Can Asia Free Itself from the IMF?

Since 2000, Asian countries, traumatized by the IMF's handling of the 1997-98 financial crisis, have sought to establish a regional alternative to the Fund. But, despite recent progress, making this vision a reality requires further bold thinking.

BERKELEY – There has never been a question about the ultimate purpose of the Chiang Mai Initiative (CMI), the system of Asian financial supports created in 2000 in that Thai city. That purpose, of course, is to create an Asian Monetary Fund, i.e., a regional alternative to the International Monetary Fund, whose tender ministrations during the 1997-98 financial crisis have not been forgotten or forgiven.

So far, however, the CMI has been all horse and no saddle. Its credits and swaps have never been activated. The distress following the failure of Lehman Brothers would have been an obvious occasion. Yet, revealingly, the Bank of Korea, the central bank hit hardest, negotiated a $30 billion foreign-currency swap with the United States Federal Reserve, not with its ASEAN+3 partners.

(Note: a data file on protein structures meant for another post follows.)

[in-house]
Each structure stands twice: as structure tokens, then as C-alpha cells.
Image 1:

Now, we are told, ASEAN+3 has achieved another great breakthrough, the so-called Chiang Mai Initiative Multilateralization (CMIM), aimed at turning its bilateral swaps and credits into a regional reserve pool. The goal was set in 2005, and last month ASEAN+3 finance ministers negotiated the details. They specified contributions to their $120 billion pool, set down borrowing entitlements, and allocated voting shares.

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